Iíve read enough of Patriceís posts to know that he definitely favors easy knee start boards (even for advanced riders), and compensates for all that easy-knee-start-extra-width with a seriously long Carbon mast (100 cm) which he also promotes to advanced riders. Itís what he rides all the time. No worry of rails catching the water when your riding fairly high on 100 cm mast.  He wonít even produce a carbon mast in the 80-90 cm range, just a 70 cm that you will almost never see any Gong riders using. That 100 cm mast promotion to go with those wide Lemonís is definitely a bit unconventional, but itís sorta hard to fault a guy who isnít 25 yrs old and still rides 100 times better than most mere mortals ever will.

 He also thinks water start boards are way beyond average rider skills/stamina, are worthless in lighter winds,  and even the body weight (in kg) minus ~10-15 L rule of thumb isnít always worth the extra hassle. I notice more and more riders saying that as well.  Even with plenty of wind, thinking someoneís gonna advance to doing windsurf style water starts like Alan Cadiz while taking 20+ sessions just to figure out flying foot switching does make me chuckle a bit....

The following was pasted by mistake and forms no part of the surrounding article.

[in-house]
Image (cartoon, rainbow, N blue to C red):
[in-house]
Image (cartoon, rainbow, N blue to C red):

Kinda reminds me of the tiny high wind windsurf board I barely ever used and the silly little 110 cm Hannah Crew twin tip board I briefly had in the early kiteboarding days......
« Last Edit: May 31, 2020, 09:59:10 PM by obxDave »

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Re: Wing specific boards
« Reply #179 on: June 01, 2020, 03:11:44 AM »
Given the choice I would go longer before wider to add stability.  I am actually really liking the 26 inch width on my new board.  In a lot of ways that (narrower for me) width is actually making it easier while getting started.  Now that I basically know the width that I need my knees or my feet at while trying a start, it is helpful to be able to edge in a bit.  The missing length is a little harder.  Even with a relatively flat base, my board is very pitch sensitive. When I blow it it is almost always because I am too forward.  That is not pretty.

On the Sky Wings it feels like there is very little weight in the nose.  With the bamboo, two handles, foil tracks, footstrap inserts, hardware, plugs, pad, kick and arch bar being towards the tail, the nose has nothing going on and is very light.  I would have been open to a 5'6 or a 5'8 in this same concept if it were available.  That is what I was originally thought I was looking for.  I am stoked now that I have this, though :).

I completely agree that going too small on a wing specific kneestart board is more frustration that it is worth.  On the other hand, if the difference between our SUP foilboards and our Sky Wings is any indicator then the jump from these boards to 7-8 lb, 4'ish waterstart boards should be epic.  I am down for the pain of learning.  It doesn't have to be an everyday thing.  We have amazing boards for that now.   
« Last Edit: June 01, 2020, 03:25:10 AM by Admin »